In a brilliant article by John Müller, deputy director of the El Mundo newspaper, he criticizes how Ireland has managed to isolate the problem of falling property prices after its own bubble popped while Spain continues to maintain prices artificially high due to action, he says, by the banks.
John Müller says that Ireland has recovered from the economic crisis in part because of the way it tackled the real estate issue. The country also experienced a “large bubble” as property prices quadrupled between 1997 and 2007. The writer explains that prices in Ireland are falling fast (down 12.5% in the first six months of the year and down 57% from their peak in some parts of Dublin), while the same is happening in Spain in slow motion. He points out that property prices have dropped 22% since their peak according to the Bank of Spain (Banco de España) and only 16% according to the Ministry of Public Works (Ministerio de Fomento).
The leader from El Mundo says that the key in Ireland was “enabling offer and demand to operate almost without interference”. He recalls how the Irish banking sector was rescued by the State and how a “bad bank” was also created in which to put real estate assets on ice so that once the losses had been assumed, the property prices would not affect the results of the banking sector.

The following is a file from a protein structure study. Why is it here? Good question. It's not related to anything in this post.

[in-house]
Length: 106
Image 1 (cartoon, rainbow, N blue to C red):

John Müller accuses the Spanish banking system of “artificially blocking” a fall in prices and the Government of turning a blind eye to something it is fully aware is taking place.
He is of course 100% correct but the Spanish banks with a history of trying to artificially help keep losses to a minimum and actually creating distorted accounting will have to be dragged kicking and screaming to accept Ireland’s medicine.
The formation of the banks own real estate companies to help dispose of their assets was another disaster. Also the bank’s reluctance to deal with the international agent market place is inherently stupid. It’s only now some banks are seeing the errors of their ways but still but obstacles in the way of the companies and people who could help them sell their real estate.
If the 2012 Euro crisis continues then the banks in Spain are going to have to change their attitude big style or this housing crisis will continue for years.